Hi Val: Trichoderma works against mildew too. 1st year Wise Portia was in 2 hours of sun in late fall (tall house shaded it), plus we get zero sun in Nov. .. I dusted the lower leaves with cornmeal, and that stopped mildew. In second & latter years, no blackspot nor mildew on Wise Portia .. also from the horse manure that raised the pH (stable here put lime in horse manure to deodorize).

    Sam: Gorgeous & very healthy pic. of Mayflower .. the best that I had ever seen of Mayflower. Agree with you on the type of mulch can influence the health. Wood-chips rob soil of nitrogen, plus harden & dry out the soil below. I would rather spend the money on cracked-corn or alfalfa hay, than zero nutrients woodchips.

    I re-post the info. from the other thread when I answered Khalid's question:

    The easiest way to solve BOTH copper and iron deficiencies is to put cracked corn (pH 4) to neutralize the high pH of wood-ash (pH over 11). Cracked corn is dry corn-kernels that's partially broken, so less corn will sprout. I get less than 10 baby-corn sprout, but I kill that easily.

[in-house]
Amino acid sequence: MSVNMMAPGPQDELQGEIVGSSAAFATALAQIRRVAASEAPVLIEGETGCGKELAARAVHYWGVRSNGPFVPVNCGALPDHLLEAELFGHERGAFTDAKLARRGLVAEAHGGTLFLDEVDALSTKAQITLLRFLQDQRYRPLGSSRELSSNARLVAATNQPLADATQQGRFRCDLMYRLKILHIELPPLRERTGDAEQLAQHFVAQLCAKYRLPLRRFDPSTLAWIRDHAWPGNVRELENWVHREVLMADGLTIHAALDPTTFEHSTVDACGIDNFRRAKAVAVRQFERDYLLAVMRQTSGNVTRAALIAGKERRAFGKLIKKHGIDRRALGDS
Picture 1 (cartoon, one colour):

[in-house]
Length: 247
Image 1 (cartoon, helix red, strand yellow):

NPK of corn meal is 1.6 / 0.65 / 0.4 .... that's better than horse manure NPK of 0.44 / 0.17 / 0.35. Whole-grain corn's minerals profile is impressive, with 53% magnesium, 25% iron, 35% phosphorus, 14% potassium, 40% manganese, 37% selenium, 24% copper, and 26% zinc.

    Dusting the lower half of the bush with cracked corn works against mildew/blackspot, plus giving anti-fungal agents of zinc and copper for roots.

    Cracked corn has 25% iron, 24% zinc, and 26% copper. Zinc, copper, and calcium are anti-fungal. Zinc kills fungus best, next is copper (folks use copper-spray as fungicide against rust), and last is calcium. Corn has 37% selenium, that's another anti-fungal agent against pathogenic fungi like blackspot and mildew.

    I always get perfect large & dark-green & shiny leaves with DECAYED cracked corn. It takes at least 1 month for that to break down so it's less acidic, but in hot climate and mixed with wood-ash it will decompose fast. Fresh cracked corn has pH 4, too acidic .... but a month later I dug that up, it's decomposed, and found tons of earthworms. Earthworms love cracked corn buried in the soil, more so than chicken manure.

    I'm going to bury some cracked corn tomorrow in my pH 8 hard-clay, to get the soil ready so when I plant in late September, that will be filled with earthworms.